I see a link to Buddhism and the striving for enlightenment via becoming at one with everything and I am delighted to discover that Harrison was a practitioner of Zen Buddhism and studied Kung Fu in China and it was this practice which led to his interest in broader philosophy and although it is no longer a part of his daily life, it lingers in his work. To me Harrison’s works speak of universality and the duality of existence: particularly the split between the body and the mind or rather between the self and the projection of the self. Seeking to use materials that elude references to race or ethnicity, Harrison beckons the viewer into a more molecular idea of self, his bouncing inflated sculptures suggesting the movement of atomic structures, of organs and hive minds. Standing in the centre of one of his installations or in front of a large kinetic work one feels like they are experiencing a complex architecture which perhaps lies beneath the surface of the everyday world we see. The forces Harrison presents could be malevolent, nurturing, violent or passive but in all examples of his work which I have seen, these forces are apparent and illicit an unnervingly emotional response from their viewers.
‘Bambi’ a piece which presents a larger rubber form protecting a smaller form as mechanic arms probe over the larger surface; seems indisputably about power structures. Immediately I projected a narrative of mother and child, of torture, experimentation and sacrifice. The large form embracing the smaller reminded me of a mothers instinct to protect her child regardless of the pain and violence she may be experiencing. The piece creates an eerie mechanical sound as the compressor which fuels it keeps it in motion. Standing in front of ‘Bambi’ for a while, I was amazed by the emotional world it evoked for me reminding me of parent child relationships in films, fiction and amongst friends and my own family. The work seemed to be about empathy itself and was extraordinarily effective in creating an abstract scenario with the power to emotionally shake it’s viewer.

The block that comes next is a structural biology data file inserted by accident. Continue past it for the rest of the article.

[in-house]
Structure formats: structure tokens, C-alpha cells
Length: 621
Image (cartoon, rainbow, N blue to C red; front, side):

In Harrison’s most recent solo exhibition ‘Maladapted’ at Baert Gallery in Los Angeles he presented an installation where a large purple metallic structure (referencing sex toys, female reproductive anatomy, medical probes) is surrounded by small metal boxes encasing balloons which are programmed to bounce around their enclosures. The piece is engineered so that the balloons movement is seemingly arbitrary, an algorithm designed to keep changing the order and speed at which they move, culminating in a climax at which point all balloons are rapidly bouncing together. Again this piece presents a strange ambiguity of power and its impossible to know whether the artist is playing a trick on the viewer, presenting an unsolvable puzzle, or whether he simply is offering an environment which triggers a web of thoughts balloons bouncing like synapsis firing through the brain. Perhaps Harrison’s works are the gospel of a new religious or scientific order, playing with language of dogma and occultism, testing and probing systems to lure us into trusting.
The aesthetic of Harrison’s forms could be associated with the slapstick comedy of the Vaudeville performers, the skin of Bernini’s marble statues, the abstraction of Henry Moore’s figures equally it reminds us of the operating theatre, the dentists tools, industrial kitchens and the ectoplasm of spirits unknown. The work suggests something deeply profound that requires the audience to somehow solve but perhaps the answer to Harrison’s riddle is as elegant as the MacGuffin which exists only to create an atmosphere and allow the audience to travel within their own thought experiments rather than handing them an easy answer.
PHOTOS COURTESY OF THE ARTIST AND BAERT GALLERY